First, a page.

• For the supply of our bodily needs Ro 14:6,7; 1Ti 4:3,4
  • For all people 1Ti 2:1 
  • For all things 2Co 9:11; Eph 5:20
  • giving thanks always for all things to God the Father in the name of our Lord Jesus Christ, (Ephesians 5:20, NKJV).


  • If we really knew him or just saw him, I think the thanksgiving would just bubble up from us.  We couldn’t help it… 
  • I will praise the name of God with a song, And will magnify Him with thanksgiving. (Psalms 69:30, NKJV).
  • I will offer to You the sacrifice of thanksgiving, And will call upon the name of the LORD. (Psalms 116:17, NKJV).
  • Enter into His gates with thanksgiving, And into His courts with praise. Be thankful to Him, and bless His name. (Psalms 100:4, NKJV).


  • DANIEL:  Now when Daniel knew that the writing was signed, he went home. And in his upper room, with his windows open toward Jerusalem, he knelt down on his knees three times that day, and prayed and gave thanks before his God, as was his custom since early days. (Daniel 6:10, NKJV).
  • DAVID:  And so it was, when those bearing the ark of the LORD had gone six paces, that he sacrificed oxen and fatted sheep. Then David danced before the LORD with all his might; and David was wearing a linen ephod. So David and all the house of Israel brought up the ark of the LORD with shouting and with the sound of the trumpet. (2 Samuel 6:13-15, NKJV).  “Now therefore, our God, We thank You And praise Your glorious name. (1 Chronicles 29:13, NKJV).
  • ANNA:  (upon seeing the baby Jesus in the temple)  And coming in that instant she gave thanks to the Lord, and spoke of Him to all those who looked for redemption in Jerusalem. (Luke 2:38, NKJV).
  • JOSEPH:  Joseph called the name of the firstborn Manasseh: “For God has made me forget all my toil and all my father’s house.” And the name of the second he called Ephraim: “For God has caused me to be fruitful in the land of my affliction.” (Genesis 41:51, 52, NKJV).
  • KING JEHOSHAPHAT’S ARMY:  Then they returned, every man of Judah and Jerusalem, with Jehoshaphat in front of them, to go back to Jerusalem with joy, for the LORD had made them rejoice over their enemies. So they came to Jerusalem, with stringed instruments and harps and trumpets, to the house of the LORD. (2 Chronicles 20:27, 28, NKJV).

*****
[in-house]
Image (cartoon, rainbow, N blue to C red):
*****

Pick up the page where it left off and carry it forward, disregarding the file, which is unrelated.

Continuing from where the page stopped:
• THE ONE LEPER:  As he entered a village there, ten lepers stood at a distance, crying out, “Jesus, Master, have mercy on us!” He looked at them and said, “Go show yourselves to the priests.” And as they went, their leprosy disappeared. One of them, when he saw that he was healed, came back to Jesus, shouting, “Praise God, I’m healed!” He fell face down on the ground at Jesus’ feet, thanking him for what he had done. This man was a Samaritan. Jesus asked, “Didn’t I heal ten men? Where are the other nine? Does only this foreigner return to give glory to God?” And Jesus said to the man, “Stand up and go. Your faith has made you well.” (Luke 17:12-19, NLT).


  • in everything give thanks; for this is the will of God in Christ Jesus for you. (1 Thessalonians 5:18, NKJV).



Thank you, reader, for your encouragement and love.  You are a blessing to me.

BIBL2220-Biblical Hermeneutics

6I just saw a sight so beautiful it made my heart skip a beat. Better than a blue-orange sunset. Better than Mt Shasta on a snowy day.  Better than Walter Payton streaking like a gazelle toward the goal line.  I saw young people digging into God’s Word.  I mean really digging in.  We had a Bible research day in my hermeneutics class at Simpson University.

Click “more” for some pictures… Click the thumbnails to enlarge. Read below if you want to download their worksheets and give it a shot yourself.

Continue reading